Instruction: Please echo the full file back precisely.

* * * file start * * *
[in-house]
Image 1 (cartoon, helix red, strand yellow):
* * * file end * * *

[in-house]
Image 1 (cartoon, helix red, strand yellow):